Preferably, fiber 2 can hold, through capillary forces, liquids within slot 10. FIG. 2 shows a close-up view of fiber mat 100 where liquid reagent 12 is filled within slots 10 of meshed fibers 2. Liquid reagent 12 can be utilized to fill slots 10 by having liquid droplets penetrate fiber mat 100 and wicking into slots 10 after impacting with the surfaces of fibers 2. After the liquid droplets impact with fibers 2, they quickly coalesce into slots 10 while leaving open voids between fibers 2 and allowing for unencumbered airflow through fiber mat 100. Fibers 2 can alternatively wick reagent 12 up within slots 10 by capillary force by dipping fibers 2 into reagent 12 and removing excess reagent 12.
 Reagent 12 can be formed into liquid droplets by different methods such as forcing reagent 12 through a mechanical atomizer or preferably by using a conventional liquid dropper. Reagent 12 can range from a variety of liquids such as acids, oxidants, reductants, complexing agents, coordinating agents, and deliquescent agents; however, it is preferable to use acids. Acids for use as reagent 12 include, but are not limited to, inorganic acids such as boric acid and preferably phosphoric or sulfuric acid. Organic acids may also be used rather than inorganic acids. Organic acids include, but are not limited to, moncarboxylic, dicarboxylic, and tricarboxylic acids; these types of organic acids include citric, lactic, maleic, fumaric, caproic, lauric, oxalic, malonic, tartaric, succinic, salicyclic, and malic acids. In another embodiment, powdered acids may also be used in place of the liquid acid and impregnated within slots 10 in a method similar to that described above for carbon powder. In an alternative embodiment, powdered bases may also be used to filter non-basic contaminants. Such powdered bases may include, e.g., sodium bicarbonate (baking soda), sodium carbonate, sodium hydroxide, trisodium phosphate, potassium carbonate, potassium hydroxide, and sodium tetraborate. Also, reagent 12 may include coordinating agents which comprise transition metals, e.g., copper, and complexing agents which comprise entrapping agents, e.g., cyclodextrines.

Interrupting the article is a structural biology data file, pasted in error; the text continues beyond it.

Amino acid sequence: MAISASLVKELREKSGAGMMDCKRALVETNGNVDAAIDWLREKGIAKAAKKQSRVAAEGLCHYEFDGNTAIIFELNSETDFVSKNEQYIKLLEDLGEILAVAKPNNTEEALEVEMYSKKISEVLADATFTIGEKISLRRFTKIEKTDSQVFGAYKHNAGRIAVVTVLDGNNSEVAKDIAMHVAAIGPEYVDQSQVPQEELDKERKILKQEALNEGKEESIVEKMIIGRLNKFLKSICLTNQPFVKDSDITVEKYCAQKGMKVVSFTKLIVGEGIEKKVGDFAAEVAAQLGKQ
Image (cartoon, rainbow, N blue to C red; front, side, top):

FIG. 3 shows a wider view of fiber mat 100. Fibers 2 can be pleated or formed in layers to form fiber mat 100 in a variety of configurations. Generally, the volume within slot 10 makes up about half the volume of multilobal fiber 2 and depending upon the density of the contaminant, fibers 2 can gain around 100% in weight of liquid contaminants and anywhere from 25% to 125% in weight for solid powders within slots 10. Utilizing the multilobal fiber 2 property to capture both liquid or solid contaminants, reagent 12 is used for adsorptive and absorptive filtration applications. Reagents 12 are intentionally impregnated within slots 10 and can be a reactive liquid or a solid reagent, preferably both acid, and fiber mat 100 is used as a supportive network to hold reagents 12 in a highly dispersed configuration for adsorptive and absorptive molecular contaminant removal. Multilobal fiber 2 can retain not only a liquid or solid (acid) reagent 12, but is effective in also retaining a combination of a liquid reagent and solid particulates. Solid adsorbants such as zeolites, aluminum oxides, activated carbons (both impregnated and virgin), and chemically modified silicas can be combined with acid reagent 12, in either liquid or solid form, and impregnated within slots 10 of multilobal fibers 2. Solid adsorbants may also be used in combination with base reagent 12 and impregnated within slots 10.
 Fiber mat 100 is particularly effective in filtering base contaminants from a passing fluid stream. Bases are considered any chemicals or compounds conventionally regarded as a base in the chemical arts. These chemicals and compounds include Lewis bases, shift bases, aqueous bases, and preferably any compounds that are alkaline in an aqueous environment. Ammonium and amines are preferable bases.
 A fiber mat 100 impregnated with liquid acid reagents 12 is particularly effective in specifically absorbing base contaminants, such as ammonium, NH3, and amines (for example, n-methyl-2-pyrrolidone (NMP)) from a passing fluid stream. An airstream with contaminants, for example, ammonium ions, passes through fiber mat 100. As it passes over multilobal fibers 2 impregnated with acid reagent 12, the ammonium ion chemically reacts (in a reaction well known in the art) with and is adsorbed by acid reagent 12 to form a salt. Acid reagent 12 exchanges hydrogen atoms with the ammonium ions, forming water as a byproduct and leaving the ammonium ion to react with and attach to acid reagent 12. Reagent 12 irreversibly retains the ammonium ions within the slots 10 of multilobal fiber 2.